Comment 99266

By kevlahan (registered) | Posted March 27, 2014 at 17:01:56 in reply to Comment 99262

Considering all costs and benefits of driving, both direct and indirect, and trying to come out with a net balance is extremely difficult.

However, two independent Canadian studies have shown that the direct costs of building and maintaining roads are not covered by the collection of fees and taxes by directly or indirectly by drivers (even including development charges and traffic fines). The argument that is usually put forward is that "drivers already more than pay the costs of roads through gas tax, HST and license fees". This is demonstrably not true.

No one is proposing eliminating all motor vehicle traffic, and shifting all goods and passenger movement onto rail, water, and air. Obviously even in the most extreme case, the final few kilometres would require local road access!

What people are talking about is reducing our inefficient and harmful over reliance on driving, especially for the large number of trips made by individuals that can easily be replaced by walking, cycling or transit: those trips less than 5km.

There is also an attempt to make people aware of the huge cost of building and maintaining our road network, so we can try to use it more efficiently.

A market mechanism that passed on these costs to those benefitting should (according to free market theory) allow us to use the roads more efficiently. This would mean that these costs would be paid by the drivers (perhaps based on rates of congestion). If these drivers are transporting goods, they would then pass those costs onto their customers who would then pay their fair share. There aren't really many positive externalities in driving (unlike education or health care, for example). Even if I don't drive I still benefit directly from goods transport, and so should pay my share when I purchase a product.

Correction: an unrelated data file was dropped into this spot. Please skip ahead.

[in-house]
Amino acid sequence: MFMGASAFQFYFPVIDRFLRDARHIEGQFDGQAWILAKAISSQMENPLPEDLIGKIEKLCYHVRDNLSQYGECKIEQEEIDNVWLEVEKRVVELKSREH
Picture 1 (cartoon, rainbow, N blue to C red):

Right now, we don't measure the huge cost of maintaining inefficient little used road infrastructure, like that named in the City report, but we get upset and outraged about spending relatively small amounts on improvements to encourage cycling and walk that would actually lower the costs of the road network and help us us it more efficiently.

We should be aiming to keep the beneficial aspects of driving (those which truly help the economy and enhance personal freedom), while minimizing the negative aspects. These negative aspects are usually underplayed, and include, at the worst extreme thousands of deaths and hundreds of thousands of injuries each year in Canada. Pollution is also another significant negative externality.

Can we do more to rebalance our transportation network to maximimize the benefits while minimizing the costs? There is huge scope to do this.

One simple example is commuting: the 30% or so who live within 5km of their work could easily cycle or take transit without damaging the economy if the options were there. Would it really damage the economy to allow more commuters in the GTAH to take transit instead of driving by themselves?

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